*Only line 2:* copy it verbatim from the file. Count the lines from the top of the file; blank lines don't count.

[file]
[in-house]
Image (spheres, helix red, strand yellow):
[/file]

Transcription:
Image (spheres, helix red, strand yellow):